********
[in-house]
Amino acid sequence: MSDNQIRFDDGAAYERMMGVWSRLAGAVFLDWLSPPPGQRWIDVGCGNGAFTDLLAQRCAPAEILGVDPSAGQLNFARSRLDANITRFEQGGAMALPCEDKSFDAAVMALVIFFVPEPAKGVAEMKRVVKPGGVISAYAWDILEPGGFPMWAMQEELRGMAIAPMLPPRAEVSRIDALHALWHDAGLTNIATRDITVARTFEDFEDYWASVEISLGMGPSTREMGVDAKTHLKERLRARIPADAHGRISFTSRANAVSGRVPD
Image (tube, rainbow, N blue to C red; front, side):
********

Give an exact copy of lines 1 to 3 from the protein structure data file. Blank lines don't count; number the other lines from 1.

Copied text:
[in-house]
Amino acid sequence: MSDNQIRFDDGAAYERMMGVWSRLAGAVFLDWLSPPPGQRWIDVGCGNGAFTDLLAQRCAPAEILGVDPSAGQLNFARSRLDANITRFEQGGAMALPCEDKSFDAAVMALVIFFVPEPAKGVAEMKRVVKPGGVISAYAWDILEPGGFPMWAMQEELRGMAIAPMLPPRAEVSRIDALHALWHDAGLTNIATRDITVARTFEDFEDYWASVEISLGMGPSTREMGVDAKTHLKERLRARIPADAHGRISFTSRANAVSGRVPD
Image (tube, rainbow, N blue to C red; front, side):